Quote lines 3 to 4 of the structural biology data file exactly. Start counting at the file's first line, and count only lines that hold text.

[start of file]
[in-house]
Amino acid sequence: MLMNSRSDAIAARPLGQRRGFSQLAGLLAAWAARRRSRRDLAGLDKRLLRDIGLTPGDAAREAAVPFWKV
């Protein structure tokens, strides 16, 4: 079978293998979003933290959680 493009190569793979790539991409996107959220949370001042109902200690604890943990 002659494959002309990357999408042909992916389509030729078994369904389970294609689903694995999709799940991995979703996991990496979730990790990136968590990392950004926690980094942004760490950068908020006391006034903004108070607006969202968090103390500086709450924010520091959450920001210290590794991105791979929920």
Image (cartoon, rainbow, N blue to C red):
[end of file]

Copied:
């Protein structure tokens, strides 16, 4: 079978293998979003933290959680 493009190569793979790539991409996107959220949370001042109902200690604890943990 002659494959002309990357999408042909992916389509030729078994369904389970294609689903694995999709799940991995979703996991990496979730990790990136968590990392950004926690980094942004760490950068908020006391006034903004108070607006969202968090103390500086709450924010520091959450920001210290590794991105791979929920």
Image (cartoon, rainbow, N blue to C red):